While in Hawaii, we saw what appeared to be a weasel or ferret scurrying across a pathway into the bushes. A local told us that what we had seen was a mongoose. He did not seem to hold the creature in high regard.
The mongoose was brought into the Hawaiian islands in the late 1800’s when Hawaiian sugar planters imported several in the hope of controlling the rat population. Unfortunately, while a mongoose will eat rats, it prefers a diet of ground-nesting birds and their eggs.
While a goose and a friend are geese, a mongoose and a pal are just two mongooses, and with no natural predators in the Hawaiian islands, they have proliferated and become a nuisance. They have wiped out at least one species of bird on the islands and pose a serious threat to the nene, or Hawaiian goose.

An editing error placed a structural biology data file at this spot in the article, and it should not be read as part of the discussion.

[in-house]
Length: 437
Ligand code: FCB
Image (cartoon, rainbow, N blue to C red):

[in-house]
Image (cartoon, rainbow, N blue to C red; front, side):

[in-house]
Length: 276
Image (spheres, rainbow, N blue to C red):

According to local legend, the islanders of Kauai were not keen on the mongoose-as-rat-trap proposition, so they promptly drowned the ones that were sent to their island. Only Kauai and Lanai are free of mongooses. In the meantime, the rats just hang loose…or hang ten.